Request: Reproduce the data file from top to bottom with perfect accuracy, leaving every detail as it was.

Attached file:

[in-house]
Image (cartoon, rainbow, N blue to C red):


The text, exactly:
[in-house]
Image (cartoon, rainbow, N blue to C red):